A Common Thread of Service . Introduction

07/01/1972

This booklet traces the historical development of the Department of Health, Education, and Welfare. HEW was established April 11, 1953 by Reorganization Plan No. 1 of 1953, which abolished its predecessor organization, the Federal Security Agency (July 1 , 1939) and transferred all components and functions of FSA to the new Department.

The need for grouping such activities into a Cabinet-level Department had long been recognized. In 1923, President Harding proposed a Department of Education and Welfare, which also was to include health functions. In 1924, the Joint Committee on Reorganization recommended a new department similar to that suggested by President Harding. In 1932, one of President Hoover's reorganization proposals called for the concentration of health, education and recreational activities in a single executive department.

The President's Committee on Administrative Management in 1937 recommended the placing of health, education and social security functions in a Department of Social Welfare. This recommendation was partially implemented in 1939 with the creation of the Federal Security Agency, by which action the Congress indicated its approval of the grouping of these functions in a single agency.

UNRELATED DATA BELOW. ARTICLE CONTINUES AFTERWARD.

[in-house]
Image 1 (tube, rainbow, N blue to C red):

A new department could not be proposed at that time because the Reorganization Act of 1939 prohibited the creation of additional executive departments. In 1949, the Commission on Organization of the Executive Branch of the Government proposed the creation of a department for social security and education.

This historical narrative begins with a brief chronology of the Federal Security Agency, followed by a longer and more detailed account of the key events of each year- in the history of the Department, including organizational changes, legislative enactments, and programmatic highlights.

As the story of the Federal Security Agency makes clear, however, the agencies which were grouped into FSA and later into the Department have origins which can be traced back well beyond 1939-to 1798 in the case of the Public Health Service, to 1867 for the Office of Education, and to 1935 for the Social Security Administration.

Other features of this booklet include a composite organizational chart illustrating how agencies of the Department have been absorbed by other agencies or have been split into new agency-level components; the budgetary development of the Department since 1953; a yearly employment table; and key officials of the Department and the years they served.

This publication has been prepared as a public service for the many persons who have expressed an interest in the historical background of the Department.

July 1, 1972 Washington, D. C.